Awesome!! never seen the ocean huh? She is going to LOVE it!!
The closet beach would probably be Cocoa Beach, which is a great beach, but as you have expressed a desire to forego the more "commercial" and heavily populated water fronts, I would skip that one.
(it is a nice beach though)
The beach I would suggest instead is called New Smyrna Beach (you say it like, SEH-MER-NAH)
This beach is more residential and lesser frequented than Cocoa. The other fantastic thing about this beach is it resides within an Art District community. Should you find yourselves melting away on the beach, and want to head in for ice cream and a stroll there are many terrific art galleries, artisan shops, and restaurants or cafes.
Here is a link to their visitors' site and you can take a look before you choose
You will be looking at just over an hour for your commute to this area.
Cocoa and Smyrna are both Atlantic side beaches with Atlantic ocean waters. I will tell you this... the beaches on the Atlantic ocean differ from what you will experience on the Gulf side. The Atlantic beaches have rougher water with more waves and windier beaches. They also have rougher sand. Coarser sand aside, you will still find those tropical white sand sprawls at Cocoa or Smyrna, with shell hunting and everything you would expect beach side. When I say, "rougher water", this isn't something dangerous per-say, you can still swim and enjoy the surf. I would say that average wave heights on the Atlantic are around thigh to waist high, where the Gulf side under calm weather conditions you are looking at like knee to lower thigh wave heights. The sand at many Gulf beaches is a fine powdery quartz crystal sand, and more so the further south you go along the west coast of Florida.
The other difference in Atlantic beaches vs Gulf of Mexico beaches is the water temperature. The Gulf gets MUCH warmer (like, think bath, 85+ degree F and up) and stay warmer longer into the cold seasons. The Atlantic side can see 80+ temps in the summer months but in colder seasons will drop as low as 60... I don't believe the gulf beaches water ever gets cooler than 70.
One more important note between Atlantic Beaches vs Gulf Beaches... you know all those fantastic sunset photos that you see? The ones with a huge orange ball sinking into the sea, and spectacular skies of pink, coral, purple, and orange? Yeah, those are Gulf Beach photos. If you want to experience the magnificent sunsets of Florida, you should probably take the longer drive and head west. The sunrises are gorgeous on the Atlantic side (if you wanna get up that early) but I still think, hands down, the sunsets are the not to be missed!
If you think you might be up for more of a trek, and would prefer to see the Gulf side beaches, you can jog (almost, but not really, more like SW) west from Orlando and head to Clearwater Beach. This is a lovely beach, though, fairly popular. For a drive over to Clearwater you should expect something around 1 hour and 45min, depending on traffic.
Finally, and these last 2 are the longest commutes of all... BUT SO WORTH IT, I promise. (money back guarantee.... if I was charging for this. lol)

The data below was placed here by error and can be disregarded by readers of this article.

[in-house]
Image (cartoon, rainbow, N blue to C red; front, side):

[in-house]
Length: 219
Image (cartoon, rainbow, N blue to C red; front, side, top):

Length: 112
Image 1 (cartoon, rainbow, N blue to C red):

Heading further south, and south west, there are 2 beaches along the western central coast on the Gulf. One can be found on a small residential (though, more and more vacation rentals are showing up out there, much to the dismay of residents) island by the name of Anna Maria Island. This island is its own township, but is in the city of Bradenton and County of Manatee. Holmes Beach of Anna Maria is fine white sand beaches, playgrounds, volley ball, cafe, free trolleys to explore the entire island. Easy to spend an entire day here. This town and island has received travelers assoc awards and recognition for, "one of the best islands"
Going just slightly further south you can make your way to a barrier island chain on the gulf coast in the county of Sarasota, Siesta Key. The "key" is more of a chain or elongated barrier island, but Siesta beach has been globally recognized and voted "BEST BEACH IN AMERICA" several years running.
As you can imagine, this has made the beach more popular and there is higher traffic, but the beach spaces are vast, with many public access locations. Somehow, even though it can get busy, it doesn't feel like you're losing out on that tropical escape feel. Just a bit slightly more south of Siesta Key beach is another along the key called, Crescent Beach. Crescent is considerably more "private" beach experience.
("crowded" is a relative term. Because I live in a tourist state, and actually in a fairly touristy town in a tourist state, my idea of crowded compared to your idea of crowded might be very different)
Anna Maria island will take you about 2 hours to get to.
Siesta Key Beach will take you about 2 hours and 30 mins.
Hope this has been helpful to you!! Have a great time, and DO NOT FORGET YOUR SUNSCREEN... ALWAYS reapply as recommended!! (that's probably the best advice I have given you this whole LONG reply)
ALL DRIVE TIMES ARE ESTIMATIONS USED WITH THE HELP OF GOOGLE MAPS. reliability may vary. blame google not me for any errors.